Later on that same border protection deployment, “a few things from Timor started to tickle the back of my mind”, recalls Baker. She was also exhausted, homesick, shattered by the work she was doing, and enduring harassment from a male colleague.

Suddenly, sitting at her console, “the tears started rolling and didn’t stop”. Eventually escorted to the sick bay, Baker says she sobbed for two days. The following year, having qualified as an aircraft controller, Baker was deployed to a frigate in the Persian Gulf, monitoring oil sanctions against Iraq.

Six days into her new job, a helicopter she was guiding onto a neighbouring vessel crashed on landing, burst into flames and
rolled into the water. All onboard survived, and Baker was cleared of any responsibility, but her confidence was shattered.

Six weeks later, when another helicopter crashed – Baker was not on duty – shipboard life became a series of emotional meltdowns. When she was stood down with exhaustion, a common trigger for her tears, others would have to pick up the slack.

One day, as she was being comforted by a sympathetic male colleague, a woman on a neighbouring console suddenly began screaming: “You useless c**t! Quit freakin’ crying!” But Baker couldn’t. She was as confused as her shipmates were angry. Rushing from the room, she headed downstairs towards her cabin. When her heel caught on a step, she made a split-second decision not to save herself and plunged headfirst to the next deck.

“I thought that topping myself would be better than putting up with another day of that,” she admits. Even before her suicide attempt, Baker had seen psychiatrists, but none, she found, could relate to what she’d seen and done during her service. One doctor, she recalls, “kept asking about my ex-boyfriend. I didn’t want to talk about this guy; I had nothing to say!”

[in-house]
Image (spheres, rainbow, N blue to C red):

Baker finally left the navy in 2008, sidelined by a back injury (unrelated to her fall). Working as aircrew for Surveillance Australia, she began having nightmares and flashbacks “and panic attacks while I was flying; not really too safe for any of us”. She was diagnosed with PTSD in 2012 – 10 years after attempting suicide. P

Post-traumatic stress is a psychiatric disorder that is triggered by a specific traumatic event that a person has either experienced or been exposed to. It can also occur after prolonged exposure to traumatic situations. Symptoms include intrusive memories, nightmares, flashbacks, hypervigilance, emotional numbness, irritability, impatience, intolerance, poor anger control, insomnia and depression, plus physical anxiety symptoms like rapid heart rate. “It is,” stresses
Dr Khoo, “a significant diagnosis.”

He says women in the general community develop PTSD at twice the rate of men. (Not so, apparently, in the ADF where, Rear Admiral Walker maintains, “there is no statistical difference” between genders.) Dr Khoo says no more than 25 per cent of people “suffering even the most horrific traumas will go on to develop PTSD”.

While factors such as genetics, temperament and childhood experiences play a role, what actually tips some into that 25 per cent is at the heart of reforms that many want the ADF to intensify. “Things like, how prepared for the trauma were you prior to it happening?” explains Dr Khoo. “How supported were you around the time the trauma actually occurred? How much education did you have about how to best access help or help yourself at the time?”

“It’s not rocket science,” says Katie Tonacia of Picking Up The Peaces. She believes peer-to-peer education is essential, delivered by those who’ve been supported to stay in the job. “At each [rank], you need somebody talking about their experiences ... when you first start not sleeping, before the drugs and alcohol, before everything starts to fall apart, when you first notice those very simple basic signs and symptoms, come forward then and not be in fear of losing your job.”